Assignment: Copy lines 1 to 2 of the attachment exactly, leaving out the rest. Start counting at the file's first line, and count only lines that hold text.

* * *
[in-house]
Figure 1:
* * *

[in-house]
Figure 1: